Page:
William Tims Fleet

Canadian Expeditionary Force

Personal Details

Born: 25 July 1891 in Whitchurch, Shropshire.

Family: He was the youngest of four children born to Joseph William Fleet, an ironmonger’s manager and his wife Elizabeth Helen, nee Tims. He married Jessie Alice Docker on 5 November 1925 in Penticton, British Columbia. No children can be found for the marriage.

Residence: On the 1891 Census his family were living in Alkington Road, Whitchurch. They were probably still living there when William was born in July of that year. By 1901 the family had moved to 183 Iffley Road, Cowley, Oxfordshire. William emigrated to Canada in 1909 and in 1911 he was living in Penticton, British Columbia. At the time of his death his home was in Grand Forks, British Columbia.

Employment: In 1911 he was a teamster and in 1914 a rancher. At the time of his death his occupation was a fruit inspector with the Dominion Department of Agriculture.

Died: 22 July 1948 in Grand Forks, British Columbia and buried on 26 July in the Lakeside Cemetery, Penticton, aged 56.

Military Details

Regiment: Canadian Expeditionary Force (Canadian Mounted Rifles)

Rank: Lieutenant

Service Number: 107209

Date of Enlistment: 8 December 1914

Date of Discharge: 17 January 1919

Reason for Discharge: Demobilisation

Other Information: In March 1916 he became dangerously ill with scarlet fever, diphtheria and paralysis.

Medals and Awards

William was awarded the Campaign medals (1915 Star, Victory and British War Medals)

Campaign Medals

Great War History Hub Whitchurch Shropshire Medals Front Image

The 1914 Star (also known as 'Pip') was authorised under Special Army Order no. 350 in November 1917 and by an Admiralty Fleet Order in 1918, for award to officers and men of the British and Indian Expeditionary Forces who served in France or Belgium between 5 August and midnight of 22–23 November 1914. The former date is the day after Britain's declaration of war against the Central Powers, and the closing date marks the end of the First Battle of Ypres.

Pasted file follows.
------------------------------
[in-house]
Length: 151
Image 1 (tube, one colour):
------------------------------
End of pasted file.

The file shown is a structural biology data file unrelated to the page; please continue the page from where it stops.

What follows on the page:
The 1914–15 Star (also known as 'Pip') was instituted in December 1918 and was awarded to officers and men of British and Imperial forces who served against the Central European Powers in any theatre of the Great War between 5 August 1914 and 31 December 1915. The period of eligibility was prior to the introduction of the Military Service Act 1916, which instituted conscription in Britain.

The British War Medal (also known as 'Squeak') was a silver or bronze medal awarded to officers and men of the British and Imperial Forces who either entered a theatre of war or entered service overseas between 5th August 1914 and 11th November 1918 inclusive. This was later extended to services in Russia, Siberia and some other areas in 1919 and 1920. Approximately 6.5 million British War Medals were issued. Approximately 6.4 million of these were the silver versions of this medal. Around 110,000 of a bronze version were issued mainly to Chinese, Maltese and Indian Labour Corps. The front (obv or obverse) of the medal depicts the head of George V. The recipient's service number, rank, name and unit was impressed on the rim.

The Allied Victory Medal (also known as 'Wilfred') was issued by each of the allies. It was decided that each of the allies should each issue their own bronze victory medal with a similar design, similar equivalent wording and identical ribbon. The British medal was designed by W. McMillan. The front depicts a winged classical figure representing victory. Approximately 5.7 million victory medals were issued. Interestingly, eligibility for this medal was more restrictive and not everyone who received the British War Medal ('Squeak') also received the Victory Medal ('Wilfred'). However, in general, all recipients of 'Wilfred' also received 'Squeak' and all recipients of The 1914 Star or The 1914/1915 Star (also known as 'Pip') also received both 'Squeak' and 'Wilfred'. The recipient's service number, rank, name and unit was impressed on the rim.


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